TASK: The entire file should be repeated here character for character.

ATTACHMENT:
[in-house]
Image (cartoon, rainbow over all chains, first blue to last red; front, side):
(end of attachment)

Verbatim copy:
[in-house]
Image (cartoon, rainbow over all chains, first blue to last red; front, side):